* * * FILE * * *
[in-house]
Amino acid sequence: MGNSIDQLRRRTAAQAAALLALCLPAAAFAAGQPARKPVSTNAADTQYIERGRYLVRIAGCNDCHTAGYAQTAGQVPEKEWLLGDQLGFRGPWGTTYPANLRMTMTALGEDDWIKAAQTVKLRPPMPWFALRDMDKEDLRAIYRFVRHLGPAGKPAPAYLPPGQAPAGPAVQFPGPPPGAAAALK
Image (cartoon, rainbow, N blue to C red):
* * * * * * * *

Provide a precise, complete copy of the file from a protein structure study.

[in-house]
Amino acid sequence: MGNSIDQLRRRTAAQAAALLALCLPAAAFAAGQPARKPVSTNAADTQYIERGRYLVRIAGCNDCHTAGYAQTAGQVPEKEWLLGDQLGFRGPWGTTYPANLRMTMTALGEDDWIKAAQTVKLRPPMPWFALRDMDKEDLRAIYRFVRHLGPAGKPAPAYLPPGQAPAGPAVQFPGPPPGAAAALK
Image (cartoon, rainbow, N blue to C red):